Last updated on March 26th, 2022
How were the first two months of the new year for you? In recent conversations, I’ve often heard that people are tired and struggling with motivation in the semi-lockdown after Christmas – I felt the same when I returned to work in January after falling ill with COVID (which was luckily a mild case). What makes me feel better these days is to talk to others about the sermon texts of the week in the Bible study via Zoom and see what message it has for us personally and for us as a congregation.
There is, for example, Jesus’ first sermon in a synagogue in his hometown, which he regularly attended as a devout Jew. He relates an old prophecy of Isaiah to himself (Luke 4:18-19):
“The Spirit of the Lord is upon me, because he has anointed me to bring good news to the poor. He has sent me to proclaim release to the captives and recovery of sight to the blind,
to let the oppressed go free, to proclaim the year of the Lord’s favor.”
In his further speeches and the encounters, as well as the miracles that follow them, he makes his mission unmistakably clear: to him and those who are to follow him, to those who are in focus, who are not doing well, who are socially disadvantaged, who suffer under the abuse of power and oppression by others.
The reactions of those listening range from astonishment and enthusiasm to irritation and anger. Nevertheless, Jesus does not let himself be deterred from his mission and also challenges his own people, for example the fisherman Peter, when he says:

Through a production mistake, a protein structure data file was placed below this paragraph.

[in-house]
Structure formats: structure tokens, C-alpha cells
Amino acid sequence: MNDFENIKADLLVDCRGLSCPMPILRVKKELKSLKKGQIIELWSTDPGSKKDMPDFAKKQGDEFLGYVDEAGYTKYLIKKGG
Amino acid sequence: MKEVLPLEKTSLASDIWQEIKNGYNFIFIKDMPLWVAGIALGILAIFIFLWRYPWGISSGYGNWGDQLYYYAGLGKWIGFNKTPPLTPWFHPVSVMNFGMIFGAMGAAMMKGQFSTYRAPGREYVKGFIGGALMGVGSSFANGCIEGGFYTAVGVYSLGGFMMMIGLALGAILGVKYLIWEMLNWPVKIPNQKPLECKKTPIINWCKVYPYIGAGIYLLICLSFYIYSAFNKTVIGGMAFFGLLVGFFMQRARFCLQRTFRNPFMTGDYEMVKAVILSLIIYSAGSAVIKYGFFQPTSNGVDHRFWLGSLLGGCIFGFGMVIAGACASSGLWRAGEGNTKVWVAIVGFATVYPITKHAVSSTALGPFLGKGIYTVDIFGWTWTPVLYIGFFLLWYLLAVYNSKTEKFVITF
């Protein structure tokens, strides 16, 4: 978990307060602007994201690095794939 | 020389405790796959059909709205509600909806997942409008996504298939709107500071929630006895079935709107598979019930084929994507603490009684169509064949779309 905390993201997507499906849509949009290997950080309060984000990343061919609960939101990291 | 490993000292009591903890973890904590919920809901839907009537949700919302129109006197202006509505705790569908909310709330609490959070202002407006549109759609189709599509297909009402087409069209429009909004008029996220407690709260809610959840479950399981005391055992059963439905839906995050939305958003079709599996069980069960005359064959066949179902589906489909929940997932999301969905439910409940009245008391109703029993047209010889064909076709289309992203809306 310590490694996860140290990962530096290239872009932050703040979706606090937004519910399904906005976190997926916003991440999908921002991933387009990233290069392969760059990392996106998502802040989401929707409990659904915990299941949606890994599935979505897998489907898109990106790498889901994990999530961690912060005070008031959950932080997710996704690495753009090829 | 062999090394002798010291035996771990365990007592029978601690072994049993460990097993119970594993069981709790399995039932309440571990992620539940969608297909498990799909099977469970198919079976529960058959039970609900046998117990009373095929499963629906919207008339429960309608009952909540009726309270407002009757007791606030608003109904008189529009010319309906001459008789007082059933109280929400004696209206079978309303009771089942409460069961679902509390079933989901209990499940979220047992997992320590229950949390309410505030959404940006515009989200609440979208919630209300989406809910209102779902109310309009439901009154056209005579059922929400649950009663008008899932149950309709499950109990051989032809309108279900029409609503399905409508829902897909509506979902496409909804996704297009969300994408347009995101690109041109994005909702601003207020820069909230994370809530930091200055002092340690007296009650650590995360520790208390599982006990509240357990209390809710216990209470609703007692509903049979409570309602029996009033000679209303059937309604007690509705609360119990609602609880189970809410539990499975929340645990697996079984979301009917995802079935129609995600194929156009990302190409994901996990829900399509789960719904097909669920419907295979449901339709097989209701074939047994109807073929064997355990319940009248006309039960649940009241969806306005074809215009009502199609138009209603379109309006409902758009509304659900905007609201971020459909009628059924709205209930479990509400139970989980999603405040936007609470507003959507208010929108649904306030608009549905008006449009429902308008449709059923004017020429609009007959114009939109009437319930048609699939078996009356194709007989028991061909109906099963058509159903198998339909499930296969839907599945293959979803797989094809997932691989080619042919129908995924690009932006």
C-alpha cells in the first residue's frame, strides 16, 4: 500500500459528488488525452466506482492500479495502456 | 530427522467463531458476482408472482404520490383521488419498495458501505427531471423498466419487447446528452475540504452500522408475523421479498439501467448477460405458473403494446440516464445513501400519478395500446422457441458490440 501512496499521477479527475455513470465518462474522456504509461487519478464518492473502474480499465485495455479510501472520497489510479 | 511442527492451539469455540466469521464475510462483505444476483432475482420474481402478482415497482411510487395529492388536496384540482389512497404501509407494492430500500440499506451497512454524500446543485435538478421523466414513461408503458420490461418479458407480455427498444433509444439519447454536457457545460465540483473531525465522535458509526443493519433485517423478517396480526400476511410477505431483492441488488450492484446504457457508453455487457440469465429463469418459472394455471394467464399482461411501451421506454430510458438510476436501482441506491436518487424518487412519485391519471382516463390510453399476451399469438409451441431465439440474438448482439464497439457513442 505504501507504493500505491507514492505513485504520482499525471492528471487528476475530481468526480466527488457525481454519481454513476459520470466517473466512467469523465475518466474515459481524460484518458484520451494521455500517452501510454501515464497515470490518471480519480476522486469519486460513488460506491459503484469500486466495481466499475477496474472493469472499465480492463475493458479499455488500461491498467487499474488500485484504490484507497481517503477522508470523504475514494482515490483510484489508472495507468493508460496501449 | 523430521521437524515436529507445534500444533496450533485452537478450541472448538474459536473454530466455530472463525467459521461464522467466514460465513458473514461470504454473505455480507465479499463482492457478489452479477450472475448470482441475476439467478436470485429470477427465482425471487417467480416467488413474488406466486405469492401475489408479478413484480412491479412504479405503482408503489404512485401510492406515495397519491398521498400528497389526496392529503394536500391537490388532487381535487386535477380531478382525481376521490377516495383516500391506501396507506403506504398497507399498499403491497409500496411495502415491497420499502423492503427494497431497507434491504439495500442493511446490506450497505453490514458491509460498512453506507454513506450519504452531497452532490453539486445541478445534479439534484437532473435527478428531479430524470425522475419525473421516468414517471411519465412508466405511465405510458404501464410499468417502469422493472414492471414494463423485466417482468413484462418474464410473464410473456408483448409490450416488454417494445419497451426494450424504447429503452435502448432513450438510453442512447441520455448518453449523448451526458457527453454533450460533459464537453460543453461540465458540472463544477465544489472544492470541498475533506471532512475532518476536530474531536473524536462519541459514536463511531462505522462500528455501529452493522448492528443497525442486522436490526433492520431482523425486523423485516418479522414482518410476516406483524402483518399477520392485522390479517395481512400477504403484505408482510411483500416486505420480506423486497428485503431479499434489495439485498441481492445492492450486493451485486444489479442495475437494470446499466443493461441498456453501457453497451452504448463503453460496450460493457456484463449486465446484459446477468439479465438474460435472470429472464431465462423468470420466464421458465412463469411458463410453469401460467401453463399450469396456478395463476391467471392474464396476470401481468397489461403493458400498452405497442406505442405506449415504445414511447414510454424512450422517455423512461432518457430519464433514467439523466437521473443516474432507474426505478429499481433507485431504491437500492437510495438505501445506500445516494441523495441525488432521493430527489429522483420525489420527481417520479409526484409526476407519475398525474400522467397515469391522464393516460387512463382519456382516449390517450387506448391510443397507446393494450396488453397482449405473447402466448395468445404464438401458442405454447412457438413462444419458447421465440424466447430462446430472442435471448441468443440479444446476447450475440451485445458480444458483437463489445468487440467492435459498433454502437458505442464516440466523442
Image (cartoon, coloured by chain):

“Put out into the deep water and let down your nets for a catch.” Simon answered, “Master, we have worked all night long but have caught nothing. Yet if you say so, I will let down the nets.” (Luke 5:4-5)
The end of the scene is probably vivid in your mind, the almost bursting nets, the many hands and other boats that it takes to haul in this enormous catch coupled with Jesus’ promise to Peter: From now on you will be catching people! (Luke 5:10)
Such a picture seems almost utopian to us at the moment, the multitude of fish as a symbol for the many people that the Gospel will reach. Our experience with ongoing restrictions and reduced contact may be telling us something different right now. I hope that despite the sense of frustration and wasted effort that has accompanied us throughout this pandemic, we will find the courage to say, “if you say so” I will cast my nets once more, not shy away from the depths, look beyond my experience and expertise for healing experiences for myself and others. As a congregation, may we also trustfully find this attitude in order to strengthen our community through the pandemic so that we, too, can have a big catch in our hearts when we pass on the good news in word and deed, in ways that we do not yet know: “Blessed are you who are poor, for yours is the kingdom of God. Blessed are you who are hungry now, for you will be filled. Blessed are you who weep now, for you will laugh (Luke 6:20-21).
– Pastor Annika Klappert